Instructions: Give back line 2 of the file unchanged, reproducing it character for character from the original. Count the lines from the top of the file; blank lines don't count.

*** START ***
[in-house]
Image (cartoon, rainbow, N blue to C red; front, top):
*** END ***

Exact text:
Image (cartoon, rainbow, N blue to C red; front, top):